What I will tell you is that anything third party can in fact be incredibly complicated and full of twists and turns. That’s why thinking looking into the future, planning accordingly, and talking about feelings and thoughts with a mental health therapist before embarking upon fertility treatment I feel is incredibly important.

    I have always felt it healthy for donor conceived children to know their origins and who their genetic parent is. Much like open adoption. The days of secrecy I think need to be put behind us.

    Thank you for your thoughtful response.

    Kindest regards,

    Marna Gatlin
    PVED
    http://www.pved.org

  • Carole Says:

    Thanks Marna for your kind words. I am glad you commented here. Your perspective on open parenting is very helpful. I think that since we can’t be sure at conception what these kids might need, a system that allows the possibility of contact down the road may be the most useful one, so that each donor-conceived child can decide among all possible options-to know or not know, to meet or not meet, etc. One size does not fit all, so I agree, the old system of secrecy needs to be replaced but change is slow. Your voice is a powerful one to speak for change because as a parent, you are constantly thinking about what is best for your child. Thanks for weighing in.

  • Craig R. Sweet, M.D. Says:

    Carole:

    Like you, I have been working with patients trying to build families for a very long time. I would also agree with you that we need to pay better attention to the donor-conceived offspring.

    After reading the discourse on my recent blog (http://www.sweetfertility.com/?p=546), I became increasingly concerned regarding the polarization of views and the utter intolerance expressed some of those posting. Deep inside some of posts that were charged with emotion, there were some important points.

    I do have grave concerns, however, about any retroactive changes to previously agreed to contracted anonymity. Such changes would create extreme instability in the reproductive world on a host of issues with numerous unintended consequences. In addition, the US Constitution, Article I, section 10, clause 1, expressly prohibits states from enacting any law that retroactively impairs contract rights. Such retroactive legislation could be in the courts for years and eventually be ruled as unconstitutional. Certainly beyond my knowledge base, perhaps the ART attorneys that read your blog could more intelligently comment on this concern.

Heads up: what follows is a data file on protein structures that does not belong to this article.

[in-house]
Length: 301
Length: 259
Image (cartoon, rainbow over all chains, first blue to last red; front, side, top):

Instead, I feel that research, knowledge and education are the tools we must use to better understand all the components of disclosure and open identity. I am, however, a strong proponent of choice. One size, especially in a country that was founded on choice, will not fit all.

    I will be releasing a new blog over the next few days describing what I feel it might take to begin to move forward together. I will appreciate your comments, and perhaps, even your assistance.

    Keep up the great work and be sure to look me up at ASRM if you are going this year.

    Craig R. Sweet, M.D.
    Reproductive Endocrinologist
    http://www.SweetFertility.com (blog)
    http://www.EmbryoDonationBlog.com (blog)

  • Carole Says:

    Craig,
    Thanks for your insights, as always. I agree it may not be advisable to make transparency a requirement retroactively. We may have inadvertently created a “lost generation” of kids who won’t have the option of knowing their donors, no matter how much they care to. But more “meet up” sites like the Donor Sibling Registry may be helpful to give even these kids some “family” ties through siblings, if they desire them, without exposing the donor to an interaction/potential responsibility they don’t want. I look forward to your new blog post and am happy to help. I will be at ASRM (Sat-Tues) so we can discuss in more detail, if you like. Best Wishes, Carole

  • Anonymous Says:

    Carol I was surprised at your response to Alana about children being sold because you clipped in contract clauses where people donating actually agree to give up any children born resulting from their donations….That is the sale right there. Its a simple contract where someone is paid now for performance of duty at a later date if and when something occurs. No different than buying an extended warranty – paid now for service if and when the washer breaks; paid now to abandon parental responsibilities to their offspring if and when any are born. The release forms require donors to release more than their gametes they have to agree that someone else can raise their offspring or they won’t be allowed to become donors. So its an abstract promise at donation that goes into effect upon the birth of each offspring. Not taking care of their offspring is part of the terms of those agreements – they were paid up front for service at a later date.